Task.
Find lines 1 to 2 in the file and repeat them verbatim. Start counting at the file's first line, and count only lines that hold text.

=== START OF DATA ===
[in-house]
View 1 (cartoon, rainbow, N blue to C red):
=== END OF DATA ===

[in-house]
View 1 (cartoon, rainbow, N blue to C red):